such resources of strength, of energy, of courage, and of assurance that he had become a giant of
dominance. And his very presence in a society amazingly enough communicated to all members of
the society the resources of his nature. Group I was pervaded by its leader's character, and despite
all laws of territorial behaviour acquired the capacity, as a society, to dominate its neighbours.
Carpenter removed the master monkey from the master society. The troop immediately fell
its own territory. Not once during the exile of its leader did the society commit a single act of
trespass. Then Carpenter restored the monkey to his fellows. Without hesitation Group I returned
its field of conquest. I find it difficult to review Dr. Carpenter's careful study without recalling
enigmas of the lion and of man. Nowhere in all the unexplored jungle of animal behaviour does
observer catch more fleeting glimpses of profound, suggested truths than along the shadowed
of animal dominance. So little do we truly know that observations are frequently little but hints. A
movement is reflected in a still pool; but when we look up, nothing is there. A face peers at us
the depths of a vine; but when we stir the leaves, the face is gone. We may say with certainty that
instinct for hierarchy benefits many an animal society.
Here is a description of the colony by Carpenter:
The field work for this report was done on Santiago Island, a small Cay of about 37 acres
five-eighths of a mile off the Southeast coast of Puerto Rico. The nearest point on the mainland is
Playa de Humacao and it is from there that boats leave to cross the narrow channel to the Island.
topography of Santiago Island is irregular. Its surface is covered by a cocoanut palm grove, scrub
trees, grass and weeds, rocks and new plantings of shade, fruit and ornamental trees. The Island
a situation which, in many respects, is uniquely favorable for a breeding colony of Rhesus
Here according to original plans, field and laboratory research were to be closely integrated.
The original stock of the Santiago Colony was collected by the author in India during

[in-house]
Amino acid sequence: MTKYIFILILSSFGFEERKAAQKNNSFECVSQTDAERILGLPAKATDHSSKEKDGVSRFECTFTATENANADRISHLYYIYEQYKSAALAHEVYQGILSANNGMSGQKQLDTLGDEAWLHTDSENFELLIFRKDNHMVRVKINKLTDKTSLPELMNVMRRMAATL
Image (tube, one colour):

1938. Three months later, 409 monkeys were released on Santiago Island. On March 1, 1940 the
Rhesus Colony had about 350 monkeys in various stages of development ranging from infancy to
senility. There were 24 adult males and four sub-adult males who lived in heterosexual groupings,
while 12 subadult males lived in unisexual male groupings, thus making a total of 40 males in the
Colony. There were approximately 150 adult females, making a ratio of more than 6 adult females
to each adult male. In addition there were 3 sub-adult females, 48 infants born in India during July
and August, 1938,90 infants born in the Colony between May 19 and December 31, 1939 and
infants born since January 1, 1940.
Besides these Rhesus monkeys there was a male, a female and an infant of the pig-tail type
nemestrinus) constituting a small family. The animals organized themselves into 6 heterosexual
ranging in size from 3 in the case of the pig-tail group to 147 for the largest Rhesus group. The
smallest heterosexual Rhesus group had 13 individuals. The average Rhesus group contained
approximately 70 animals. This report is based on observations of 40 different Rhesus females of
Colony who passed through 45 periods of sexual receptivity between February 29 and April
When this study began the Rhesus Colony had just been released from isolation cages, in which
had been held for six weeks for tuberculosis testing.